To start the GUI, we type in startlxde and you shall get a lovely GUI environment. To get the keyboard to a size that the screen can be visible, tap and hold on the keyboard dismiss button, a pop up appears with letters that look like shirt sizes, XS S M L, choose the XS, the keyboard shrinks to a smaller size and the entire screen is visible. The mouse pointer can be moved using the touch panel, multi-touch will not work but can surely confuse th mouse pointer. It can be used for making selections, but the selections just go crazy... after all this distro is not as yet production ready, it is kind of stable but there are those moments where it gives up. Specially if you try to start a new terminal. A terminal in other WMs (Windows Managers) is even worse.

Some parting words. I started off with a computer whose interface was the editor, in those days it booted right into the editor. Then to DOS based systems that required a whole heap of command typing to get things done. Unix was heard of as the *dev* or the *geek* language which normal people have no need for, it is an enterprise thing. Then to windows where there was no more commands, but I still had to work with INI files and tinker the internals. Then when I undertook teaching Unix/Linux, it was a strange transition for me, it was a bit difficult or awkward to go from XP and Vista to Unix/Linux command line. It was here that I had spend countless hours talking to my students and helping them find their way through the terminal. Then when I got a Mac, the terminal was not alien at all, in fact it made quite a few things easy.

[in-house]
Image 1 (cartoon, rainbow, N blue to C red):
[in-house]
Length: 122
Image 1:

My thoughts on the Touchpad, I might have been a bit harsh on this on twitter, in fact when you think of it, the Touchpad actually has true multi-tasking and each app is a card which can be managed separately. It can be killed/terminated without affecting the other apps running. The Interface was created a while ago and I guess it has been the inspiration for Twitter and other apps to use that UI in their apps. It takes a while to get used to the UI, but once you do, it is really rocking. I loved the fact that I can leave skype logged in on one card and keep browsing on another and run Linux on another, have my email open on another and so on. All simulteneously, whereas even on the iPhone/iPad, these get killed when the home button is pressed to switch between applications, some might go to the background. So in terms of a superior OS, WebOS is *infact* a superior OS than the iOS. Also bear in mind that this is the first attempt, where as Apple has had several attempts till date on bettering their systems.

If you are planning to install Linux on the Touchpad, i would suggest that you familiarise yourself with Linux commands to be able to tweak it, it is not difficult, but it is not as easy as you might think it could be. Once you get it going, it is all the way downhill...just put on your seat belts and enjoy the ride.